by Judson Cade Pedigo
As Justice League opened with a less than heroic debut, (I dunno, I still think 96 million is a lot of money. If I get a hundred bucks in my wallet I feel like Scrooge McDuck) people are already speculating how Warner can reboot their entire cinematic universe. What world are we living in where a reboot is the only answer? A world gone mad, mad with reboots. Used to be when we got say, a Star Trek the Motion Picture, they didn’t just scrap the entire “enterprise”, we just had to wait a little while until we got a Wrath of Khan. If something doesn’t work, I don’t think that throwing all that time and money away for a fresh start is the answer. What happened to taking a little extra time to fix what didn’t work and make something worthwhile instead? In this new world where Spiderman gets two reboots in 15 years, this is clearly not the case. Horror fans have been hit especially hard by this trend. They are cheap to produce and, if done right, can yield high profits. There have been sequels to remakes, prequels to remakes, sequels to prequels of remakes, sequels to earlier entries, creating such a mess that you really need a manual to figure out what you’re about to see. This is why Wikipedia was invented. Leatherface was the first to fall, then Michael Myers, Jason, and then they did the unthinkable, they recast Freddy Krueger. That last outing didn’t do so well for them so guess what word we heard next: reboot. While we’re waiting for the reboot of the reboot of A Nightmare On Elm Street, we can look to one of the last remaining horror icons still continuing their original story from the 80’s, Chucky the killer doll. Somehow, Don Mancini, the creator of Chucky, is responsible for writing every installment of the series about a Good Guy doll gone bad. What makes Mancini a rare breed in this day and age is that he embraces something that’s become a dirty word in Hollywood, continuity. It’s become increasingly easy to just rewind the clock and hit the reset button, but Mancini not only embraces what’s come before, he celebrates it.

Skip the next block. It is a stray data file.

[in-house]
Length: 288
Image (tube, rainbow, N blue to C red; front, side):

“We want to take it back to the basics”, says every producer remaking a horror movie ever. Well you know what Mr. Big Shot? Maybe we don’t wanna go back to the basics; maybe we just want to watch another entry with our favorite slasher. Sure, send Jason back to camp, but do we really have to forget about that time he went to hell, or took Manhattan? We’ve stuck with our horror heroes through trips to space, Cults of Thorn, Dream Children, and Hellraiser: Hellworld (shudder). You really want to tell us that all that time and effort suddenly doesn’t count because you want to sell a few more tickets? I’m reminded of an old issue of Wizard (the comics magazine, guys) where Jeph Loeb was interviewed about a Superman project he was working on with artist Tim Sale. It was another retelling of Superman’s formative years (how many times do we have to do this DC? Krypton go boom, Kansas, red white and blue, bricka bracka firecracker, sis boom bah, we get it.). Loeb explained that Tim Sale hated that a young Clark Kent was a football star. He went on to say that he knew that some fans loved that aspect and rather than outright retcon it away they just didn’t bring it up. Selective continuity. See Hollywood, it’s not that hard.